End Racism Now
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The issue of racism has been a problem way back in the past and until now. The Catholic Church is trying to promote and support the drive against racism. The church showed posters depicting Mary and Jesus of different ethnicities as their anti-racism drive.

As part of the newly established Racial Justice Sunday event, the Catholic Bishops' Conference of England and Wales unveiled unique artwork featuring Biblical figures portrayed as Black, Asian, and Middle Eastern.

Poster of Mary and Baby Jesus in Different Ethnicities Unveiled

According to Yahoo! News, this depiction of the Holy Family was created to reflect the diverse makeup of the Catholic community globally and recognizes the richness that this diversity brings. Father Mark Odion, a member of the steering group, emphasized the importance of recognizing the diversity of the church in his comments to The Independent, stating that the depiction of the Holy Family has often reflected the culture in which it was created.

The Church of England (CoE) recently made a public apology for its historical links to the transatlantic slave trade and enslavement of African people. This apology was prompted by a report revealing that a portion of the church's £10 billion investment fund originated from Queen Anne's Bounty, which was connected to chattel slavery.

In response, the CoE announced £100 million of funding for a program that addressed past wrongs through investment, research, and engagement. According to The Independent, the church appointed its first racial equality director, Guy Hewitt, to work with the Archbishops' Commission for Racial Justice to combat discrimination within its ranks.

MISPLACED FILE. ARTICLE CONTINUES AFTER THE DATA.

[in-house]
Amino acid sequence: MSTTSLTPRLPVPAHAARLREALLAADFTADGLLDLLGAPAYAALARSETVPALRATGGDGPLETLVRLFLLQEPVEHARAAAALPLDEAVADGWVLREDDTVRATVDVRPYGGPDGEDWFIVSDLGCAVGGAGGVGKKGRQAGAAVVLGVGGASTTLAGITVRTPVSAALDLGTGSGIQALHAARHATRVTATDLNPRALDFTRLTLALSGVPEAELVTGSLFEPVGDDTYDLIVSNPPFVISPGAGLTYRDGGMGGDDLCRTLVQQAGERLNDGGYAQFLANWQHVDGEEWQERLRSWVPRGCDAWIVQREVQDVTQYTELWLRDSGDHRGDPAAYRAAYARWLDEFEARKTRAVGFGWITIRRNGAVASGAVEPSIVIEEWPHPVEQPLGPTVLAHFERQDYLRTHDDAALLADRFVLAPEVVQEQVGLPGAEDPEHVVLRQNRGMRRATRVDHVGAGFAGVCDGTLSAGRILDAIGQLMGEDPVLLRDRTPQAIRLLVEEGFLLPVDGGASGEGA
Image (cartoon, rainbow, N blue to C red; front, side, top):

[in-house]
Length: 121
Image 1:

At a national Church of England conference, Lord Paul Boateng, from the Archbishop of York's Racial Justice Commission, acknowledged the church's role in the discrimination faced by Gypsy, Traveller, and Roma people.

An article in the Oikoumene World Council of Churches says that the call for racial justice is addressed not only to society as a whole but also to the churches. The churches are asked to take a stand for racial justice through advocacy and solidarity, to face and address their internal racism, to reflect on their past, including their treatment of Indigenous Peoples, African descendants, ethnic minorities, and Dalits, and to commit to transformation.

To be the church in today's society means taking deliberate and consistent action against racism and striving for a society with transformed power structures. This requires churches to embrace the diversity of their members, heal past wounds, and uphold the interconnectedness of life. Overcoming racism entails facing the truth of past wrongs, respecting cultural diversity, and becoming healing communities transformed by their members' gifts and spirits.

Also Read: Evangelical Leaders Support Black Lives Matter Movement

Black Lives Matter: George Floyd is a Christian

The sad case of George Floyd encouraged the Christian community to battle racism. A story by Christianity Daily says that George Floyd, whose death in Minneapolis sparked widespread outrage and protests against police brutality, was known in his Houston community as a Christian with a heart for ministry.

Pastor Ngwolo recalls Floyd as a "person of peace" and a mentor to young men in troubled areas who had come to Minneapolis to participate in a discipleship program that included job placement. Despite his plans to return to Houston this summer, Floyd's tragic death has touched the lives of countless individuals, inspiring them to fight for justice and call for change. As a leader in his community and a gospel servant, Floyd's legacy lives on through the movement he has helped to spark.

Related Article: George Floyd Was Christian Involved in Bible Ministry Work